Beverly Williams – Reverse Shoulder Replacement Surgery

The first time Beverly Williams saw Dr. Coleman, she was in a wheelchair. “I was having tremendous pain in my left ankle,” she says, but that’s not why she sought care at OSC. Only in her 40s, Beverly has suffered from debilitating rheumatoid arthritis since the late eighties, so she attributed her ankle pain to RA. “I assumed it was part of the joint breaking down,” she says. It was a natural assumption: she’d already had all but one of her joints replaced – all but her left hip.

A former reporter with The Daily Press, Beverly had worked in the field for years, covering the courts, criminal and civil, in both Hampton and Newport News. She suffered the effects of RA, undergoing several joint replacement surgeries throughout her journalism career, until she ultimately took a less strenuous job with the communications department at Ferguson Enterprises.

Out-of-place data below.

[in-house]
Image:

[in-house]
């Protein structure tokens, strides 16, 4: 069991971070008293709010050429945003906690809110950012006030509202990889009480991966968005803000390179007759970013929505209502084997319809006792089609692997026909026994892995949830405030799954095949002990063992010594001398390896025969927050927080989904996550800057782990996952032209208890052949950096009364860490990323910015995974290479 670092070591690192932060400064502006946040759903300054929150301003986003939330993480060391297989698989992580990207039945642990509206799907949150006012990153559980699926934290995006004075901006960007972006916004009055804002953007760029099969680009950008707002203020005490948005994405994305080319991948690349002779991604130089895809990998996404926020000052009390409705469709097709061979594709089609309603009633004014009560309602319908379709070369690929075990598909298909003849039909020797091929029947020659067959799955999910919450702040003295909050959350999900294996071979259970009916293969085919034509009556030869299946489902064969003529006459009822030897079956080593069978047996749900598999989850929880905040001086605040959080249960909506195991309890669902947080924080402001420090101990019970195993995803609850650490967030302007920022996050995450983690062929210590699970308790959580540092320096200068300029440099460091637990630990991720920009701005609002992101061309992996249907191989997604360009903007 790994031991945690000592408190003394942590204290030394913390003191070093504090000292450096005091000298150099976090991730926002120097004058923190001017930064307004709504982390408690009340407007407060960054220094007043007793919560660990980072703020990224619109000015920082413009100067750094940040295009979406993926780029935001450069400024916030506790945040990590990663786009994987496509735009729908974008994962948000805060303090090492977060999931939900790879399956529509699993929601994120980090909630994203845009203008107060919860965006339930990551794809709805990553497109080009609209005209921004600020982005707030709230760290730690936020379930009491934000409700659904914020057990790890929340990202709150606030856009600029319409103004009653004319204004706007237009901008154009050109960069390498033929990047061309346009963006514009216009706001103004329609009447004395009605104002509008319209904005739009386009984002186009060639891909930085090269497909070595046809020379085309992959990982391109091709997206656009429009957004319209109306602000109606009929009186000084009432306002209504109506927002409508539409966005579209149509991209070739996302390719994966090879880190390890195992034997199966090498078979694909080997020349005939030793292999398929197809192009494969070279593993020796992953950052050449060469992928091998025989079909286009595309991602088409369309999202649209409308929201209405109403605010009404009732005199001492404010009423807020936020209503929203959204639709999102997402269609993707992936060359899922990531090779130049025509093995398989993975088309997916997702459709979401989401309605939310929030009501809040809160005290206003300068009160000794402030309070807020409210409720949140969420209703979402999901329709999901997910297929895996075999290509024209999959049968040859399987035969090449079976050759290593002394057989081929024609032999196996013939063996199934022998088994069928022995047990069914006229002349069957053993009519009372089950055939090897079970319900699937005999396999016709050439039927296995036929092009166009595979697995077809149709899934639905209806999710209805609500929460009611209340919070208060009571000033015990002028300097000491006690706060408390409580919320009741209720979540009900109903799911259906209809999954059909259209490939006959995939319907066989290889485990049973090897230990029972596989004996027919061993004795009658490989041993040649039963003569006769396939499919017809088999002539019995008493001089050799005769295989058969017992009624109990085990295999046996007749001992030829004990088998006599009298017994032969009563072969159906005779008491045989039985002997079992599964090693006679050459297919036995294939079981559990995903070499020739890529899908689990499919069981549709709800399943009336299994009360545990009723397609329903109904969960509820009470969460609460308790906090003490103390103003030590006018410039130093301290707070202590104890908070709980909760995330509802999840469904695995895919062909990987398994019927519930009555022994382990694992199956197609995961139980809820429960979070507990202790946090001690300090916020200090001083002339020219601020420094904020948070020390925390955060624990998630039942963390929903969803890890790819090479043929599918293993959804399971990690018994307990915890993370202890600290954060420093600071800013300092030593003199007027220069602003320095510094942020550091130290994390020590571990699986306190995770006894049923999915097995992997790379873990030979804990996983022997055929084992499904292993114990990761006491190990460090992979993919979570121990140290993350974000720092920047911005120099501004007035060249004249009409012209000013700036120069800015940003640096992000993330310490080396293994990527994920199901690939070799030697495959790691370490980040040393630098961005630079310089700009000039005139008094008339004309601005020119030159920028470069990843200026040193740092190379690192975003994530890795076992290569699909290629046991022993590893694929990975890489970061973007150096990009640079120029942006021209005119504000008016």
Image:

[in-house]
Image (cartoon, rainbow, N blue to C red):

It was in 2009 that her reporter’s keen eye caught a notice in the paper announcing one of OSC’s community lectures: Dr. Coleman was speaking about new modalities in rotator cuff repair and shoulder replacement. She’d had surgery on her right shoulder in 2000 in Richmond, and “…swore that I’d never go through that again, because they cut through my rotator muscle to get to the joint. That recuperation – the physical therapy – was so painful.” But her left shoulder had started to break down, and she was in constant pain. “I knew something needed to be done. Pain is something you remember, and I wasn’t sure I wanted to go through that again. But I knew I couldn’t keep going the way I was. It was hurting to get dressed – I started wearing cardigans because I couldn’t get clothes over my head.”